In their 1957 American Sociological Review article on the techniques of neutralization, Gresham Sykes and David Matza elaborate Edwin Sutherland’s differential association theory which states that individuals learn criminal behavior through techniques of committing crimes, as well as enculturation in the motives, drives, rationalizations, and attitudes conducive to violations of the law. Neutralization is defined as a technique that allows a person to justify or rationalize criminal conduct. 

There are five techniques of neutralization. Two of them directly pertain to this question. One is denial of responsibility. In this technique, the individual blames his conduct on forces beyond his control, for example his personal situation of poverty and joblessness. When segments of society constantly tell people that their situation is somebody else’s fault, they will feel justified in breaking the law. The other pertinent technique is denial of victim. In this technique, crime is viewed as a punishment or revenge towards a person who the perpetrator believes wronged him, thus redefining himself as a victim. “They deserve it,” the perpetrator tells himself as he separates a man from his money or ends his life.

There is a notorious illustration of neutralization techniques at work in the person of Eldridge Cleaver, a leader of the Black Panther Party in the late 1960s and 1970s. Cleaver rationalized his rape of white women as a political act. “Rape was an insurrectionary act,” he writes in his book Soul on Ice. He admits that he found it most satisfying “because I was very resentful over the historical fact of how the white man has used the black woman. I felt I was getting revenge.”

This problem has long been recognized. Friedrich Engels writes about it back in the 1840s in his Conditions of the Working Class in England. He describes a situation of demoralization that allows individuals to rationalize law breaking. Marx and Engels later called this phenomenon “primitive rebellion” and condemned it (See Demoralization and the Ferguson Effect: What the Left and Right Get Right (and Wrong) About Crime and Violence.)

Of course, none of this means that all blacks are murderers or robbers or racist against white people (saying that would commit the fallacy of misplaced concreteness or stereotyping). But we might ask whether, if race prejudice motivates some whites to target blacks with violence, does race prejudice motivate some blacks to target whites with violence?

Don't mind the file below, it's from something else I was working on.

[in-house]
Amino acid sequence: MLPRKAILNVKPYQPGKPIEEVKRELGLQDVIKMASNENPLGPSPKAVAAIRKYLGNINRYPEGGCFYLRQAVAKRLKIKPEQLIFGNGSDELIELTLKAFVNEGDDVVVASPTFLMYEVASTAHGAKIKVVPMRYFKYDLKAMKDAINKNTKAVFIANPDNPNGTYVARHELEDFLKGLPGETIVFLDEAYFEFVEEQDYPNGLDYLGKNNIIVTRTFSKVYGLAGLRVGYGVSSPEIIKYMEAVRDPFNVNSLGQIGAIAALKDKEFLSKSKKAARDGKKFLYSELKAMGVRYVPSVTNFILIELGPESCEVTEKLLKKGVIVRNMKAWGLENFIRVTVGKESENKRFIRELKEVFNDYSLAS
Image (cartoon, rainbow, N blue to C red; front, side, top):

And we must ask why blacks are so drastically overrepresented in serious crime. Keep in mind that, with respect to murder, most victims of black perpetrators are other blacks. And if black lives matter, then why isn’t this problem high on the priority list of the antiracist?

These are important questions, but it seems a equally pressing question as to why the media is determined to convey the false perception that black overrepresentation in the criminal justice system is the work of racist police officers, prosecutors, and judges rather than the very clear evidence that this is really because blacks are overrepresented in serious crime. In order to move forward rationally, the public needs facts.

After all, the behavior of the media is very curious if the claim is true that the United States is systemically racist. We’re told that white supremacy is ubiquitous in American culture (which is probably why we have such a hard time seeing it). As a man trapped in the academy, I hear it all the time. White progressives weep in public over the white supremacist character of America. (See below and also Such a Beautiful Moment—The Self-Flagellating of White People; The Church of Woke: A Moment of Reckoning for White Christians?). This is an institutionally racist society, we’re told.

The media is one of the dominant institutions in America, is it not? The media, like the educational system, oversees the shaping of mass perception and opinion. If this were a racist society, one marked by a pervasive antiblackness, why is the media and the education system devoted to creating sympathy for black Americans while casting white people as collectively suffering blood guilt? Whites are all racist to some degree, we’re told. You don’t even know how racist you are thanks to the fact that your bias is subconscious. They teach this in college classrooms. Hell, they teach to 4k-12 students. They teach students that whites as a group enjoy a systemic privilege, that whites are collectively responsible for the intergenerational trauma that explains the situation of black people. This is critical race theory.

Think about it: that the media obscure that fact that white men are more often killed by the police than members of every other racial and ethnic group (and not by a little) disappears white victims of lethal police encounters (see Disappearing the White Victims of Lethal Police Violence). That doesn’t sound like the propaganda one expects from racist institutions rooted in white supremacy.